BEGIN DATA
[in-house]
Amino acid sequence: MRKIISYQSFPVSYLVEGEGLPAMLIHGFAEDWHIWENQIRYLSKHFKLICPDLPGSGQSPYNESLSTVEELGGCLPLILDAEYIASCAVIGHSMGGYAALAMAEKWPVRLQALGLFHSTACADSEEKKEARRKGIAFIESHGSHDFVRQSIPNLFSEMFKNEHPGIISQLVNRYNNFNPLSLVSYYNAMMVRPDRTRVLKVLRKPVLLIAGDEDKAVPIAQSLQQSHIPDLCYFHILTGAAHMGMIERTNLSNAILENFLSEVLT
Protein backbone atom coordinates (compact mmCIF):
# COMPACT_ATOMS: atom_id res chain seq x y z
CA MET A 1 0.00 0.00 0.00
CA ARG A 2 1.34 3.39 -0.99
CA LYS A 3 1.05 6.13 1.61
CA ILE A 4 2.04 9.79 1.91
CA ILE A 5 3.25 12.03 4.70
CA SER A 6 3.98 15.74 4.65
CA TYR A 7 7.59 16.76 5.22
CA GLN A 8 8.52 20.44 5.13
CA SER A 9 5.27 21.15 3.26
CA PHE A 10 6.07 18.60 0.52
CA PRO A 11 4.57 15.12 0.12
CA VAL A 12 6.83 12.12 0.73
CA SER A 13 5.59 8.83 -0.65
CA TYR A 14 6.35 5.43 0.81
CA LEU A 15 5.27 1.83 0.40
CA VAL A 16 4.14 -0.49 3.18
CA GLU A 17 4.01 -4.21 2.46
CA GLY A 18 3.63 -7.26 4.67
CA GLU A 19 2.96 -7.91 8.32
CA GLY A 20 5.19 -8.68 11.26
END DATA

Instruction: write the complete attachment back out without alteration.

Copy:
[in-house]
Amino acid sequence: MRKIISYQSFPVSYLVEGEGLPAMLIHGFAEDWHIWENQIRYLSKHFKLICPDLPGSGQSPYNESLSTVEELGGCLPLILDAEYIASCAVIGHSMGGYAALAMAEKWPVRLQALGLFHSTACADSEEKKEARRKGIAFIESHGSHDFVRQSIPNLFSEMFKNEHPGIISQLVNRYNNFNPLSLVSYYNAMMVRPDRTRVLKVLRKPVLLIAGDEDKAVPIAQSLQQSHIPDLCYFHILTGAAHMGMIERTNLSNAILENFLSEVLT
Protein backbone atom coordinates (compact mmCIF):
# COMPACT_ATOMS: atom_id res chain seq x y z
CA MET A 1 0.00 0.00 0.00
CA ARG A 2 1.34 3.39 -0.99
CA LYS A 3 1.05 6.13 1.61
CA ILE A 4 2.04 9.79 1.91
CA ILE A 5 3.25 12.03 4.70
CA SER A 6 3.98 15.74 4.65
CA TYR A 7 7.59 16.76 5.22
CA GLN A 8 8.52 20.44 5.13
CA SER A 9 5.27 21.15 3.26
CA PHE A 10 6.07 18.60 0.52
CA PRO A 11 4.57 15.12 0.12
CA VAL A 12 6.83 12.12 0.73
CA SER A 13 5.59 8.83 -0.65
CA TYR A 14 6.35 5.43 0.81
CA LEU A 15 5.27 1.83 0.40
CA VAL A 16 4.14 -0.49 3.18
CA GLU A 17 4.01 -4.21 2.46
CA GLY A 18 3.63 -7.26 4.67
CA GLU A 19 2.96 -7.91 8.32
CA GLY A 20 5.19 -8.68 11.26